I built a pretty decent unit on a budget using a STC-1000. It can control any applicance you plug into it such as a slow cooker or immersion water heater. Can do pics if anyone is interested.
 

SukkaFoo

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#56
I built a pretty decent unit on a budget using a STC-1000. It can control any applicance you plug into it such as a slow cooker or immersion water heater. Can do pics if anyone is interested.
+1 for this solution. There's an alternative firmware for the STC-1000 called the STC-1000p. With this you can set up PID control which would compensate for over shooting. I have a couple of these for brewing and fermenting and they work really well.
 

Inevitability

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#57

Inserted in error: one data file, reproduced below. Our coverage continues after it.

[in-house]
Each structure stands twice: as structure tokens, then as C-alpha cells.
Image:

I bought the Elitech E-1000, which is just a nicer looking STC-1000.
I think a good test would be to hook everything up with the cooler, then set my phone as a time-lapse camera and leave it overnight to see how the temp gets controlled over a long period (...with nothing in the water, I mean).
 

Inevitability

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#58
Hope this is not too far off topic...
How much salt per kg of steak if I'm seasoning before sous vide?
I intend to do some cheap beef on a long cook at around 67°
Maybe 16 hours
The plan is:
Sear, salt, sous vide, sear, mushroom sauce :)
 

Randhir

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#59
Hope this is not too far off topic...
How much salt per kg of steak if I'm seasoning before sous vide?
I intend to do some cheap beef on a long cook at around 67°
Maybe 16 hours
The plan is:
Sear, salt, sous vide, sear, mushroom sauce :)
Don't salt for long cooks.